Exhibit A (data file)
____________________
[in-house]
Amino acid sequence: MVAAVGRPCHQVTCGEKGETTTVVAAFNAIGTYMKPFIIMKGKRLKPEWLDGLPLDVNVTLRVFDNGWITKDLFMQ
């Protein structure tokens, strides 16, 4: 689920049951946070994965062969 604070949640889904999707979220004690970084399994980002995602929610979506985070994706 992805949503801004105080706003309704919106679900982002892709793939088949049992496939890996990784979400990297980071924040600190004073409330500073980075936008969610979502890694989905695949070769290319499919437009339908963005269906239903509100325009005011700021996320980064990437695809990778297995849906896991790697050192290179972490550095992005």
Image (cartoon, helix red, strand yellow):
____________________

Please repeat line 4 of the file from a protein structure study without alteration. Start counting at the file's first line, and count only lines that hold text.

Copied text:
Image (cartoon, helix red, strand yellow):